National Drug and Alcohol Facts Week was March 22nd through 28th. This week exists to clear up myths and misconceptions surrounding alcohol and drug use. Statistics from the Centers for Disease Control and Prevention reveal that by 12th grade, 2 out of 3 students have had alcohol at least once.
Drug and alcohol use is a very real temptation that teenagers face, but they often don’t realize the potential impact of their choices. National Drug and Alcohol Facts Week hopes to help teenagers understand the risks that come with substance use.
The National Institute on Drug Abuse, or NIDA, is responsible for a variety of nationwide tasks related to drug abuse. They research how to decrease the extent of drug abuse and prevent the problem from growing. Part of their work involves numerous informational campaigns aimed at helping adolescents understand the risks of drug use.
NIDA scientists first launched National Drug and Alcohol Facts Week in 2010. They saw the growing trend of misinformation surrounding alcohol and drug use among teens. Since many people start experimenting with substances during adolescence, NIDA wanted to do their part to clear up myths and misunderstandings.
National Drug and Alcohol Facts Week exists to “Shatter The Myths” about drug and alcohol use among teens. Every year for the last decade, NIDA encourages and backs events across the country to help communities share the reality of drug abuse.
Some may wonder whether there’s a need for National Drug and Alcohol Facts Week. Do adolescents really struggle with drinking and drug use? Sure, movies might portray one side of things but what is the reality of alcohol and drug use in teens?
According to the National Survey on Drug Use and Health (NSDUH), alcohol and drug use is still prevalent among adolescents ages 12 to 17. In terms of alcohol use,
One of the major problems with teen drug and alcohol use is their limited understanding of the impact of substances. Many don’t realize that one mistake can lead to consequences that last the rest of their lives. Ongoing use can create lifelong changes to their developing minds and bodies.
With so many adolescents still experimenting with alcohol and drugs, there is still a clear need for raising awareness. National Drug and Alcohol Facts Week has a significant place in the lives of adolescents across the United States.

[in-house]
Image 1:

Are you concerned your teen might be using alcohol or drugs? There are various signs of drug or alcohol use in teens you can keep an eye out for.
Teenagers tend to be unpredictable to an extent, but you might notice some out-of-the-ordinary behaviors. Keep an eye out for a sudden drop in academic performance, randomly changing friend groups, lack of respect for others (especially authority), or little to no eye contact. Note when their behavior changes and consider whether it’s unusual.
Teens are prone to mood swings and emotional outbursts but those associated with drug and alcohol use are different. Drug and alcohol use can lead to short- and long-term psychological changes, especially erratic shifts in mood. When their mood swings are severe, or they’re having problems with focus or memory, drugs and alcohol might be at play.
Drug and alcohol use can lead to abnormal health problems that teens don’t usually experience. Look for appetite changes, severe or excessive headaches, regular unexplained illness, nausea, or vomiting. If these health problems aren’t explained by a known sickness, you might have reason to be concerned.
Recognizing National Drug and Alcohol Facts Week can start within your own home. Use the week as the springboard for a conversation about substances with your teenager. Discuss the risks of using drugs and alcohol, from the short-term problems like grades dropping to the long-term problems like developmental effects.
Opening the conversation with your teen may keep them from feeling the need to sneak or hide their use. When you’re honest with your teen, you lay the foundation for open communication with them about other topics, too. Use this National Drug and Alcohol Facts Week as a way to start the talk.